Jay Gatsby Dreams

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A blood-filled pool, a desolate mansion, and thousands of owner-less shirts are the only carcass of Jay Gatsby’s dead dream. F. Scott Fitzgerald’s timeless American classic The Great Gatsby recounts the tale of Mr. Gatsby and his esoteric wanting. Jay Gatsby, or James Gatz, as he is truly named, starts his life the son of a poor farming family in the Mid-West. Through a series of events, the young man finds his way into the service of yachtsman Dan Cody, where he gets a taste of wealth. This does not last, and Gatsby becomes an officer in World War I. Before he is sent off to Europe, his eyes fall upon the stunning Daisy Buchanan. Daisy entrances Gatsby with her beauty and affluence. Though they are only together for several days, the lustrous …show more content…
Mr. Gatsby, as Nick finds out, is infamous for his extravagant parties. The entire golden coast of Long Island and the whole wealthy population of New York City makes its way to Gatsby’s mansion on summer evenings to enjoy all the booze, music, dancing, and socializing they want. His gorgeous home is cavernous, beautifully detailed, and bustling with servants. Eventually, Jordan Baker, Nick’s girlfriend, reveals, "Gatsby bought that house so that Daisy would be just across the bay" (Fitzgerald 78). Jay Gatsby bought his extravagant house and throws all of his magnificent parties solely on the basis of being close to and hoping to draw in Daisy. In the words of Sven Birkets, “Gatsby’s legendary parties… are… nothing more than shimmering nets thrown out in the hopes of snaring Gatsby’s long-lost love, Daisy” (Birkets 123). All that Gatsby did, he did for Daisy. His glamorous home and extravagant parties were mere means of getting closer to and hoping to draw in Daisy. His wanting for her pushes him to change himself. It pulls him out of poverty, into the wealthy class, and to the shore across from …show more content…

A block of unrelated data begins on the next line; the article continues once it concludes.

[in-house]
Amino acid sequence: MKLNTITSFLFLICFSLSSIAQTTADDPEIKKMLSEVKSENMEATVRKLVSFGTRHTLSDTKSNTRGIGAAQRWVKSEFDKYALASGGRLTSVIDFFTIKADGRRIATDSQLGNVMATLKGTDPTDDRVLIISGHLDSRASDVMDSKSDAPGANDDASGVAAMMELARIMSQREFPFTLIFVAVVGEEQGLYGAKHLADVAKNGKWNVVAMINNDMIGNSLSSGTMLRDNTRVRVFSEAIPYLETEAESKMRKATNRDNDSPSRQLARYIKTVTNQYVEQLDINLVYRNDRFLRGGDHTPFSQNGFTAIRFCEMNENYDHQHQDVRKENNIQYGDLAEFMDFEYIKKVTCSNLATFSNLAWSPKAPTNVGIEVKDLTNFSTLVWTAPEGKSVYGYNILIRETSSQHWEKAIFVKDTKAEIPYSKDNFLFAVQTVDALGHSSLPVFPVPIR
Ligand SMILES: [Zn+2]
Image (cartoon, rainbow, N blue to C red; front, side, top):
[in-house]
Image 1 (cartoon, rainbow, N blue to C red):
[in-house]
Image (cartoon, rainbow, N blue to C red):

His overwhelming desire for the love of Daisy Buchanan consumes his life. Gatsby becomes the man that he is solely to impress this gorgeous woman. For her, he obtains wealth, purchases an exorbitant mansion across the sound from the Buchanan’s, and throws countless parties in hopes of drawing in her presence. His wanting is so strong that it distracts him, gives new values to all of his material belongings, and even begins to repel the person he loves most. He is willing to do whatever to reach his goal of Daisy loving him. Numerous scholars suggest that this overpowering want is the factor that allows The Great Gatsby to be the timeless novel that speaks to the American experience in perpetuity. Gatsby’s power to dream sympathises with Americans, who also are willing to, “run faster, stretch out [their] arms farther” (Fitzgerald 180), to pursue their wants and desires. Wanting is a powerful force, the key overtone in The Great Gatsby, and quite possibly the indispensible component of the American

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